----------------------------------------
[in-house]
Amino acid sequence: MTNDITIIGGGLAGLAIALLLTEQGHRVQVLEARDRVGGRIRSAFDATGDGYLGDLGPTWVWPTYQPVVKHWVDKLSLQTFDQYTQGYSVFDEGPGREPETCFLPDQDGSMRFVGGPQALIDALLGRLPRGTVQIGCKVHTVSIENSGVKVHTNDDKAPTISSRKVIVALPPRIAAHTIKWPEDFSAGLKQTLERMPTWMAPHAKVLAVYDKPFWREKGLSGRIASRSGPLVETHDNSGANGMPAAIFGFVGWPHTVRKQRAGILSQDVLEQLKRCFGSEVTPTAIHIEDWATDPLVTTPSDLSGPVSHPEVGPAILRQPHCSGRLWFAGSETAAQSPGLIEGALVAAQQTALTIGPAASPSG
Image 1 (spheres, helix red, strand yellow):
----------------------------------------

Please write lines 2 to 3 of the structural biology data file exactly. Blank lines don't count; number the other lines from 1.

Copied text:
Amino acid sequence: MTNDITIIGGGLAGLAIALLLTEQGHRVQVLEARDRVGGRIRSAFDATGDGYLGDLGPTWVWPTYQPVVKHWVDKLSLQTFDQYTQGYSVFDEGPGREPETCFLPDQDGSMRFVGGPQALIDALLGRLPRGTVQIGCKVHTVSIENSGVKVHTNDDKAPTISSRKVIVALPPRIAAHTIKWPEDFSAGLKQTLERMPTWMAPHAKVLAVYDKPFWREKGLSGRIASRSGPLVETHDNSGANGMPAAIFGFVGWPHTVRKQRAGILSQDVLEQLKRCFGSEVTPTAIHIEDWATDPLVTTPSDLSGPVSHPEVGPAILRQPHCSGRLWFAGSETAAQSPGLIEGALVAAQQTALTIGPAASPSG
Image 1 (spheres, helix red, strand yellow):